FIG. 3 is a vertical transverse sectional view similar to FIG. 2 but illustrating a slightly modified form of solar still; and
FIG. 4 is a fragmentary longitudinal vertical sectional view taken substantially upon the plane indicated by the section line 4--4 of FIG. 3.
Referring now more specifically to the drawings and to FIGS. 1 and 2 in particular, the reference numeral 10 generally designates a first form of solar still constructed in accordance with the present invention. The still 10 includes an elongated buoyant trough referred to in general by the reference numeral 12 and including opposite side longitudinal walls 14 and 16 interconnected at corresponding ends by means of end walls 18 and 20. The lower marginal edge portions of the walls or wall portions 14, 16, 18 and 20 are interconnected by means of a horizontal bottom wall 22.
The walls 14, 16, 18 and 20 as well as the bottom wall 22 are constructed of heat insulative material or at least lined on their inner surfaces by means of a heat insulative layer. Also, the inner surface of the longitudinal side wall 14 is provided with a light-reflective coating or panel 24.
An inclined panel 26 of transparent material closes an upper portion of the interior of the trough 12. The panel 26 extends between the upper marginal portions of the end walls 18 and 20, the longitudinal side wall 16 and a lower portion of the longitudinal side wall 14, the panel 26 being upwardly inclined toward the longitudinal side wall 16.
The side wall 16 includes first passage defining means in the form of an elongated longitudinally extending inlet slot 28 formed therein and second passage defining means in the form of an elongated longitudinally extending outlet slot 30 formed therein with the inlet slot 28 being formed in a lower portion of the side wall 16 and the outlet slot 30 being formed in an upper portion of the side wall 16. In order to maintain the strength of the side wall 16 both above and below the slots 28 and 30, vertical support members 32 and 34 are secured across the slots 28 and 30 at points spaced longitudinally therealong.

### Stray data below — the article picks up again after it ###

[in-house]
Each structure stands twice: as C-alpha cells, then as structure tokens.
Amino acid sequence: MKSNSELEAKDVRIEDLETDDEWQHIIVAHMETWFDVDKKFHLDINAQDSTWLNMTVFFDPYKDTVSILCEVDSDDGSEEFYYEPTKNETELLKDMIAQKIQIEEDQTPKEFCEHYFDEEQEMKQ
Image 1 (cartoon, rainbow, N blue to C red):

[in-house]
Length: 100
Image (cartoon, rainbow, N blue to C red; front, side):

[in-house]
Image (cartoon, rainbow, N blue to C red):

A generally horizontally disposed and horizontally opening hollow U-shaped manifold 36 defining a heat exchange chamber is disposed exteriorly of the side wall 16 and includes hollow lower and upper legs 38 and 40 interconnected at their ends remote from the side wall 16 by means of an integral hollow bight portion 42. The ends of the legs 38 and 40 remote from the bight portion 42 are sealingly secured to the wall 16 in registry with the slots 28 and 30 and an inwardly tapering baffle 44 is supported from the inner surface of the side wall 16 intermediate the lower and upper slots 28 and 30 and projects horizontally inwardly from the wall 16, the slots 30 and 28, and the adjacent portions of the panel 26, manifold 36 and baffle 40 defining a closed loop convection air passageway having isolated upper and lower reaches including the slots 30 and 28, respectively.
The lower leg 38 includes a lower wall portion 46 which is dished and includes outlet openings 48 spaced transversely thereof and longitudinally therealong. Also, a lower sump wall 50 underlies the bottom wall 46 and is sealingly secured to the outer wall 52 of the bight portion 42 and the lower marginal edge of the side wall 16 to thus define a closed sump 54 into which condensed water may flow through the openings 48 for collection within the sump 54. The sump 54 includes an outlet 56 with which a pump 58 including a discharge line 60 is operatively associated for pumping condensed water from the outlet 56 upwardly through the discharge line or pipe 60 to a suitable point of use (not shown), the pump 58 being powered by any suitable source.